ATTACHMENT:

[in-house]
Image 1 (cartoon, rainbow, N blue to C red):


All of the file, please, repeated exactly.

[in-house]
Image 1 (cartoon, rainbow, N blue to C red):